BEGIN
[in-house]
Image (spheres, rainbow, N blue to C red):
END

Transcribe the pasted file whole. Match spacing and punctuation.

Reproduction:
[in-house]
Image (spheres, rainbow, N blue to C red):